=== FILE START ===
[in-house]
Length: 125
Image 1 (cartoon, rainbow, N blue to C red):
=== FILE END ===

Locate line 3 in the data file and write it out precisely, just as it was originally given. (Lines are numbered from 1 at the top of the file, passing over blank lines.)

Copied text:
Image 1 (cartoon, rainbow, N blue to C red):